Lakhipur-Bhanga stretch of 121 km of the Barak River is the 6th waterway. It was accepted as National Waterway in January 2013 by Union Cabinet. The Inland Waterways Authority of India (IWAI) is the statutory authority in charge of the waterways in India. It does the function of building the necessary infrastructure in these waterways, surveying the economic feasibility of new projects and also administration and regulation. Cargo that is transported in an organised manner is confined to a few waterways in Goa, West Bengal, Assam and Kerala. Freight transport by waterways is highly underutilised in India compared to other large countries. The total cargo moved by inland waterways is just 0.15% of the total inland traffic in India, compared to the corresponding figures of 20% for Germany and 32% for Bangladesh. Inland Waterways Authority of India, aims to raise India’s 111 national waterway’s current cargo handling capacity from 72 MT in 2018–19 to 100 MT by 2021–22.

Integrating IWT with Other Transport Modes

Obtaining a seamless integration of IWT with other modes requires:-

  • adequate infrastructure
  • latest technology being used and being constantly upgraded
  • new regulations facilitating the interchange

Infrastructure of IWT for Multimodal Operations

IWT requires two basic elements of infrastructure: waterway and terminals. A third element, although super-structural rather than infrastructural, is the vessel. At times, however, it is recognized as part of the infrastructure.

  • Waterway requirements

Standard requirements for the carriage of containers focus on the width of locks and fairways, and on the vertical clearance under bridges.

  1. Width

The sufficient width of locks or between bridge piers provides extra beam for the vessel, making it more stable, thus providing operational flexibility for positioning containers of various weight.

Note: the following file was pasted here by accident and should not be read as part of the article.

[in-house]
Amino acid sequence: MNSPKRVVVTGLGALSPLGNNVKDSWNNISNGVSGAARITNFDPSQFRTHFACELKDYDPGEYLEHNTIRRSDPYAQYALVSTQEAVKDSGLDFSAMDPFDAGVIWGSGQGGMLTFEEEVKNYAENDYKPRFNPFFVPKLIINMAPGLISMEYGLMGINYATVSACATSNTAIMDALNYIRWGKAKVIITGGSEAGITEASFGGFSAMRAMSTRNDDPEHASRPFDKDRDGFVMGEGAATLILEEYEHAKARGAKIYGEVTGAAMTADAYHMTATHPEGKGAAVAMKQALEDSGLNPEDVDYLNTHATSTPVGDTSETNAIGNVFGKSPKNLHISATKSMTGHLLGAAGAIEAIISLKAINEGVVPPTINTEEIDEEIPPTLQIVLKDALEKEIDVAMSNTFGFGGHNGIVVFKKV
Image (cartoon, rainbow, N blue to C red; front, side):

In Europe, the inter-European Gauge provides for locks at least 12 m wide, which is just enough for four lines of containers. However, they would enable a heeling of 7.5 degrees with three layers. Furthermore, due to the double hull, it is easy to ballast and in this way compensate for some of the heeling. Finally, four lines make it more likely, even with random positioning, to have a balanced cargo.

  1. Vertical clearance

The other important factor for any network is the available height, limited by the vertical clearance under bridges. This is of paramount importance in view of the competition with other modes because an increase in the number of layers on the vessel increases its capacity and reduces the cost to be charged for each container.

This is often the case along the lower valley of large rivers, such as the Yangtze, Pearl, Ganges, Ayeyarwady and Mekong rivers. In such cases, bridges are very long, and there is not much difficulty in providing ample space below the spans of the bridges, as the ensuing slope is not too steep. Good clearance on smaller rivers is generally easy to obtain, but there are cases where improper planning or weak guidelines have been a hindrance. According to stability calculations and statistical analysis of actual movements, a clearance of 9.15 m appears sufficient to enable passage of four layers of containers.

  1. Depth

The issue of depth is usually less critical, because containers are of low density and seldom sink the vessel deep enough in the water for it to be fully loaded without ballast. This is not a generalization, however, because there are 20-foot containers weighing 24 tonnes that would overload a barge, but as a statistical average one TEU weighs a little less than 10 tonnes in European IWT.